Biochar Benefits And Best Practices

The scoop on why biochar is a solution that can help lawns hold water in soil for significantly longer periods, making a limited water supply last longer.

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Across the country, homeowners, landscaping professionals and commercial property owners alike are being forced to adapt amid climate change-driven droughts, extreme temperatures and restricted watering. As a result, the hurdles of owning nonfunctional turf are compounding, leading many to take advantage of lawn-removal rebate programs.

It’s unfortunate, however, that no one is talking about the benefits of green spaces within cities. Studies have shown that greenery such as lawns, trees and plants have numerous climate-related benefits, including cooler temperatures, improved air quality, mitigated storm-water runoff and protection of the local wildlife habitat. Rather than removing lawns completely, perhaps we can work toward caring for them in a way that is more climate-friendly so that we can still reap the benefits.

We should reevaluate our entire tool box to make sure that every option is being exhausted before tearing up lawns. For example, biochar is an increasingly popular, yet not quite mainstream, solution that can help lawns hold water in soil for significantly longer periods, making a limited water supply last longer. Furthermore, biochar can sequester about three times its weight in atmospheric CO2.

Biochar has increased in popularity thanks to its intrinsic ability to hold water and nutrients longer. Municipalities have also begun to implement biochar as part of major projects given its short- and long-term environmental impact.

To understand the value biochar provides, we need to start with the process in which it is created. Biochar is produced from waste biomass, including nutshells, wood chips and crop residue, that would otherwise decompose, releasing carbon back into the atmosphere. Through specialized processes that create clean energy from organic waste, the resulting biochar captures the carbon from the biomass in a stabilized form for hundreds or thousands of years. Biochar is ultraporous with an enormous surface area-to-volume ratio. When added to soil, it acts like a sponge, absorbing and retaining a significant amount of water and nutrients for long periods of time. Furthermore, biochar also naturally rebuilds decimated soils by enhancing soil microbiology. In doing so, biochar helps reduce dependence on chemical fertilizers.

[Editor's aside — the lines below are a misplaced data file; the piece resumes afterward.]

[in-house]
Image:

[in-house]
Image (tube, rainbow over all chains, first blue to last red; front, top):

For best results, aim to achieve 10 percent to 20 percent biochar by volume within the root zone of the soil. While this is easy to obtain for new planting and when tilling soil, it will take multiple applications over several months when topdressing a lawn. It’s recommended to space out biochar applications by three to five weeks. Every application of biochar is cumulative, so each time you apply, you are making a permanent improvement to lawns and landscaping. Increasing biochar to 20 percent of soil volume will continue to yield benefits, but even 3 percent to 5 percent penetration will translate into much better drought resistance.

For all uses, remember that an effective biochar-amended soil can hold water significantly longer than nonamended soils, meaning that once you have added biochar to your flowers, garden or lawn, you should check for soil moisture and lightly water as needed. Thanks to biochar’s porous nature, it may feel like you are not watering enough, but as you should with any lawn or plants, do all that you can to avoid over-watering.

Lawn care operators should not feel the need to concede in their fight against drought and water restrictions. With these best practices, hopefully, you are ready to add biochar to your operations to make water last longer and help in the fight against climate change.